Early music specialist Jordi Savall explores different periods and cultures, mashing them together for surprising results. His new project finds fruitful varieties all in one spot: the Balkans.
We’re guessing some yoga and Pilates classes preceded a round of musical and physical one-upwomanship that’s gone viral.
Join tenor Ian Bostridge, conductor Ton Koopman and other singers, conductors and scholars for a guided tour of Bach’s sacred masterpiece, first heard on Good Friday in Leipzig in 1727.
Alaska-based composer John Luther Adams, whose music is rich with references to and concern about nature, won for his orchestral Become Ocean. The judges said it “suggests a relentless tidal surge.”
A “pro-am” outreach experiment at the New Jersey Symphony Orchestra gives way to a burst of fun music-making: a one-performance, pop-up orchestra of professionals, students and amateurs of all ages.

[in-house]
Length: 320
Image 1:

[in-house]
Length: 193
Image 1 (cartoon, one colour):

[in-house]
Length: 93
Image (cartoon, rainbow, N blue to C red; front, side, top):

Whether you love or hate his ideas about commissioning new works and updating the classics, this Belgian impresario shifted public expectations of a night at the opera — permanently.
On the 300th anniversary of his birth, hear how music by Johann Sebastian’s son Carl Philipp Emanuel bridged the gap between the old-fashioned Baroque and newfangled music by Haydn and Mozart.
On his new album, the 29-year-old violinist finds connections between two seemingly disparate concertos by Jean Sibelius and Thomas Adès.
The instrument, known as “Lipinski” was stolen from the Milwaukee Symphony Orchestra’s concert master last week.
The conductor, slated to perform at the opening ceremony of the Sochi Olympics, sparked controversy with his recent comments on Russia’s anti-gay legislation. The head of St. Petersburg’s Mariinsky Theatre is a friend and ally of Russian President Vladimir Putin.